Although there have been some improvements – mainly in working conditions, the critical processes of bead manufacture remain unchanged. The only limiting factor in the C19th was the process of manufacturing the moulds, which was both difficult and precise. Cottage crafters were given several moulds for each bead press and turned out beads to order for their local factory until about until 1945. It was then under the communist regime in Czechoslovakia that the entire glass making industry was nationalised. Since the 1990’s there has been a return to cottage industry bead making.
The History of Czech Glass Beads
Did You Know?
Beads had been made in Bohemia since Roman times, but it was an intermittent industry.
- 1400s North Bohemia becomes a glass manufacturing centre with abundance of natural resources to make glass
- The second half of the 16th century, when costume jewellery become fashionable, glass makers started producing beads to be used more decoratively.
- 1700s “Sample men” travelled globally from Africa to Tibet to trade glass beads.
- 1800s The Industrial Revolution! Machines allowed mass production of moulded pressed glass beads.
- The first recorded showing at a trade show in Prague of pressed glass beads was in 1829.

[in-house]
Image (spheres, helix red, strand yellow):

- By the 1860s, the Czech bead industry had surpassed its rival, Venice.
- 1928 Czechoslovakia was the largest exporter of beads and jewellery in the world.
- 1948 The Communist government nationalised the bead industry which became a single state run monopoly. Penal labour was used at the core of the bead making production and jewellery assembly in Communist Czechoslovakia.
When Jablonec the great bead, button and jewellery making hub in now what is known as the Czech Republic became part of the Russian bloc, at the end of World War II, (1945) the Germans, known as the Suduten Deutsch, (Germany had called that region of Bohemia Sudutenland) were forced out of their homes and businesses. Taking few possessions with them, with only 48 hours notice of their expulsion, they left everything behind. Their furniture, their china, their livehoods. Everything! The German refugees walked into war torn Germany, and most of the bead makers ultimately settled in Bavaria more than 600km away from Jablonec.
Efforts were made to keep all the bead makers together, so the bead industry would survive, and a bombed out ammunitions factory outside was purchased for this purpose. The town was named Neu Gablonz.
The beads were made in the US Zone of Occupied Germany, between 1945 and 1949. The division into these four zones (French, American, British and Russian) was in place by July 1945, after a period of negotiation by the Allies and subsequent troop movement. At first, each occupying power had authority in their respective areas. Eventually the three western zones were combined to form the Federal Republic of Germany (FRG) in 1949, with the Soviets forming the Germany Democratic Republic (GDR), also in 1949.